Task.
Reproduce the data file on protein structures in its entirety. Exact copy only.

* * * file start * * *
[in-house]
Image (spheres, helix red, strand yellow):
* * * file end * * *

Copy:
[in-house]
Image (spheres, helix red, strand yellow):